Strategic Thinking vs Strategic Planning - What's the Difference?

Posted on 10/26/2017 by Robin Scheu

In 1994, Henry Mintzberg wrote an article for the Harvard Business Review called The Fall and Rise of Strategic Planning. He made the case that strategic thinking is critical to success and that "the most successful strategies are visions, not plans."

Now many organizations are talking about and using strategic thinking instead of or in addition to strategic planning. So what's really the difference?

Here is one explanation from Six Disciplines:

Are strategic thinking and strategic planning -the same thing?

While they certainly related and complementary, thinking strategically and planning strategically are two different concepts.

Let's first consider strategic thinking, which involves viewing your organization from a holistic perspective.

Research has determined that strategic thinking can be explained through seven dimensions:

  1. A vision of the future
  2. Strategic formulation and implementation
  3. Managerial role in making strategies
  4. Control
  5. Managerial role in implementation
  6. Strategy making
  7. Process and outcome

Strategic thinking is extremely effective and a valuable tool, and requires developing skills in creativity, problem solving, teamwork, and critical thinking. The good news? It's a skill that can be learned.

Steps in building strategic thinking skills:

  1. Critically examine and evaluate the existing situation.Understand what is being done, if it needs to be done that way, and fight hard against the "we've always done it that way" mentality.
  2. Look at your business as a holistic system. Strategic thinkers view their businesses as a whole: its strengths, weaknesses, opportunities and threats.
  3. Focus on the future. Strategic thinking is future-oriented. Before considering the viability of ideas, consider their potential contribution to the future of your organization.
  4. Continuously ask for feedback from your customers.Strategic thinking cannot be effective if done in a vacuum.
  5. Get realistic data for confirmation. Strategic thinking requires making predictions about the future and forecasts must be realistic. Gather reliable data to justify and confirm your predictions.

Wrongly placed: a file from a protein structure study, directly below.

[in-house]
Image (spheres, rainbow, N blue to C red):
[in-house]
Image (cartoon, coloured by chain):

6. Align your thoughts to your organization. Review your organizational structure to determine if the organization and key leaders are in place to fulfill your vision, otherwise it's a pipe dream.
  7. Be ready to consider change and unexpected challenges.Flexibility is a critical element of strategic thinking.
Strategic planning, on the other hand, is a continual planning process that relies on strong strategic thinking. When done correctly, strategic planning is not a one-time or annual event. It's an on-going process, reviewed quarterly, that affects the organization's initiatives, plans, and activities. 
 
BOTTOMLINE: Both strategic thinking and strategic planning are important - even vital to your organization - and neither can be ignored.
 
If you prefer, the chart below was developed by Jeanne M. Liedtka, a faculty member at the University of Virginia's Darden Graduate School of Business and former chief learning officer at United Technologies Corporation.
 



Strategic Thinking

Strategic Planning

1. Vision of the Future

Only the shape of the future can be predicted.

The future is predictable and specifiable in detail.

2. Strategic Formulation and Implementation

Formulation and implementation are interactive rather than sequential and discrete.

The roles of formulation and implementation can be neatly divided.

3. Managerial Role in Strategy Making

Lower-level managers have a voice in strategy making.

Senior executives obtain the needed information from lower-level managers, and then use it to create a plan.

4. Control

Relies on self-reference.

Asserts control through measurement systems, assuming that organizations can measure and monitor important variables both accurately and quickly.

5. Managerial Role in Implementation

All managers understand the larger system.

Lower-level managers need only know their own roles well.

6. Strategy Making

Finding new strategic outcomes and implementing them successfully is more important than evaluating them.

The challenge of setting strategic direction is primarily analytic.

7. Process and Outcomes

The planning process is a critical, value adding element.

The creation of the plan is the ultimate objective.